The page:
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Fireside scene

Misfire Night
Where There Was Smoke

Not the good-night kiss I was looking for: I was done with the evening’s work, I was settling down for an hour’s worth of TV-induced stupor with Cheryl (our reliable method of decompressing from the previous fifteen hours’ bull-racing without bulls) when the scene, pictured above, interrupted the evening’s plans. Our neighbors’ house, some eight or nine feet beside ours, was smoking up a storm.

The neighbors had just returned from picking up one of their children at the Girl Scouts when they walked up to their door and noticed smoke pouring out in thickets. They didn't open the door. They called 911. Eight trucks showed up, some twenty men and women in that get-up we’ve all come to associate with 9/11 heroism, a little too much, milled about the lawn, nosed in and out, smashed up some glass out back. The smoke kept pouring out thicker and thicker, first through the front door, then through the garage door, closer to my house. Still no flames though. The rest of us neighbors gathered on the lawn across from the not-yet burning house. The lady of the house in question was in tears, her dog being in there still, but it didn't take long before a firewoman brought out the poodle, safe, and another neighbor, giving it a whiff, declared the fire to be electrical: “The smell of electricity is on the dog.”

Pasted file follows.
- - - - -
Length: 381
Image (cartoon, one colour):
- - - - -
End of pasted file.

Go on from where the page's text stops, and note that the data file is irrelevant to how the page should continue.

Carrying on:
An hour later we’re not better informed: the smoke gradually subsided, the trucks are still out there as I write these lines, the cul de sac’s women, and a couple of men, are drinking rosé compliments of our other neighbor, and the most we’ve learned is that a television, the television the neighbors bought just a month ago at Big Lots, was the problem. It’s the first I ever hear of a television not directly related to Elvis flaming up. I’m not sure it’s the problem. I’m not reassured it’s all it is. I guess we'll know by morning, reading the fire report. But a fire in a neighbor’s house might as well be a fire in one’s own. And even if it isn’t, it’s a reminder of the fragility of our roofs, the real and the metaphorical kind.

The neighbors—father, mother, two young asthmatic children—won’t be able to sleep in their house tonight. It so happens they have nearby relatives with plenty of room. That’s besides the point. Their place down to their bedroom’s pillows and dish towells will be infused in smoke for the next month. Better than a burned down house of course, but no less distressing a thought, considering how easily and quickly our assumed comforts can burn. Of course here we are anguishing over our rare suburban fears when not quite half a world away the anguish is a fact of life day and night and domestic house fires, in the cruel hierarchy of cataclysms, are a luxury .

Relative? Not really. Loss in the end is all the same, even if the fear of loss is sometimes less well informed than its realization. I’m cradling my son as I write this, knowing only that we’re fortunate things didn’t go worse tonight, a stray spark being all the difference between luck and infernos. Grateful, too, not only for the evening’s fortune, but its reminders.

Meanwhile the trucks are still out there, clinking their gear, as are the cul-de-sac’s women, clinking their plastic cups emptied of rosé.

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